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October 1981

I do not say to you seven times, but seventy times seven. (Mt. 18. 22)

To whom was Jesus talking when he said these words? Do you remember? He was answering Peter who, after listening to Jesus saying wonderful things, asked him this question: "Lord, how often shall my brother sin against me, and I forgive him? As many as seven times?' And Jesus said: "I do not say to you seven times, but seventy times seven." 

Probably Peter, under the influence of the Master's preaching, had decided to commit himself to the new line by doing something exceptional in his characteristic generosity and goodness: he would forgive up to seven times. In Judaism forgiveness was allowed two, three, or at the most four times. 

But Jesus answering, "... seventy times seven" is saying that for him forgiveness must be unlimited: we must always forgive.

I do not say to you seven times, but seventy times seven.

These words remind us of the song of Lamech, a descendant of Adam: "Sevenfold vengeance is taken for Cain, but seventy-sevenfold for Lamech." (Gen. 4. 24) This shows us the way hatred first spread among men and affected their relations: hatred spread like a river in flood, a high tide. 

Jesus opposes this spreading of evil with forgiveness which is without limit, unconditional, and capable of breaking the circle of violence. 

Forgiveness is the only solution that will halt disorder and open up a future for humanity which is not self - destruction. 

I do not say to you seven times, but seventy times seven.

Forgive. Forgive always. Forgiveness is not forgetting, which often means wanting to avoid reality. Forgiveness is not weakness, disregarding a wrong out of fear of the superior strength of the one who committed it. Forgiveness does not mean saying a serious matter has no importance, or calling evil good. 

Forgiveness is not indifference. Forgiveness is an act of will and of lucidity, and therefore an act of freedom, which entails accepting our brother as he is, in spite of the wrong he has done us, as God accepts us sinners, in spite of our defects. Forgiveness entails not replying to an offence with an offence, but doing what Paul says: "Do not be overcome by evil, but overcome evil with good." (Rom. 12. 21)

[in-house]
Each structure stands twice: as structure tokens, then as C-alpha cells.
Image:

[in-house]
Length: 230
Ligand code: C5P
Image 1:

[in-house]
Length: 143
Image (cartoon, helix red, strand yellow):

Forgiveness entails giving the person who has wronged you the chance of a new relationship with you, the chance for him and for you to start life, again, to have a future in which evil does not have the last word. 

I do not say to you seven times, but seventy times seven.

How then will you live this word? 

It is Jesus' reply to Peter who had asked: 'How often shall I forgive my brother?" ... my brother. 

Jesus' reply, therefore, was directed above all to relations between Christians, between members of the same community. 

It is, therefore, in the first place towards your fellow Christians that you must behave in this way: in the family, at work, at school, or in your community, if you belong to one. 

You know how often you want to pay back the wrong you have suffered with a corresponding action or word. You know how love is often lacking amongst those who live together, either because of differences of character, nervousness, or for other reasons. Remember that only an attitude of forgiveness, continually renewed, can maintain peace and unity amongst brothers. 

You will always have the tendency to think of your brothers' defects, to remember their past, to wish they were different... you must acquire the habit of seeing with new eyes, of seeing them as new people, accepting them always, immediately, and completely, even if they are unrepentant. 

You will say: "But it's difficult". That's understandable. But this is the beauty of Christianity. Not for nothing are you following a God who, dying on the cross, asked his Father to forgive those who had put him to death. 

Take heart. This is how life begins. I assure you that you will have a peace and joy that you have never experienced before.

Chiara Lubich

 

 

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